U.S. orders two Venezuelan diplomats to leave
The U.S. Secretary of State, Mike Pompeo, also warned the Maduro administration that the U.S. would respond "proportionately" to Venezuela's expulsion of U.S. diplomats.
The United States government on Wednesday expelled two Venezuelan diplomats, ordering them to leave the country within 48 hours.
The Venezuelan charge d'affaires in Washington D.C., Carlos Ron Ramirez, and the deputy consul general of the Venezuelan consulate in Houston were declared "personae non grata" on Wednesday by the U.S. Department of State.
According to a press release published by the department on Wednesday, the decision was made in response to Venezuela's decision to oust the U.S. charge d'affaires in Caracas, Todd Robinson, and his second in command, head of political affairs Brian Naranjo.
Both Ramirez and Robinson were the most senior diplomats representing their respective diplomatic missions in Washington D.C. and Caracas as both countries have not exchanged ambassadors since 2010.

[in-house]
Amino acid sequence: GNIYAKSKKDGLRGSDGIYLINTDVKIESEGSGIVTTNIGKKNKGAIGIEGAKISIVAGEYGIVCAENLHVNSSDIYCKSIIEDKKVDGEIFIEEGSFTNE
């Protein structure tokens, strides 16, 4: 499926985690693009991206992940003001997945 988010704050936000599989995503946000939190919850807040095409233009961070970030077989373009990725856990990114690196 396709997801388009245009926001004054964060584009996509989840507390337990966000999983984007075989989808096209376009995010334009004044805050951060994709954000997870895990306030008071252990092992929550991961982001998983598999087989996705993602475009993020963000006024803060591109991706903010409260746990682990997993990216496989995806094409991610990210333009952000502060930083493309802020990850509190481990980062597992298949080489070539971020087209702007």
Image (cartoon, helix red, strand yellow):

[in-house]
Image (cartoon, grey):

On Tuesday, Venezuelan President Nicolas Maduro announced the expulsion of the two diplomats during an event in which he was proclaimed winner of the recent presidential elections in Venezuela, and accused Robinson of acting as a "conspirator" in his country.
The U.S. Department of State said in the statement that "the accusations behind the Maduro regime's decision are unjustified."
It also pointed out that the diplomats expelled by Caracas "have carried out their official duties responsibly and consistent with diplomatic practice and applicable provisions of the Vienna Convention on Diplomatic Relations."
"We reject any suggestion to the contrary," the statement said.
The U.S. Secretary of State, Mike Pompeo, also warned the Maduro administration on Wednesday that the U.S. would respond "proportionately" to Venezuela's expulsion of its diplomats.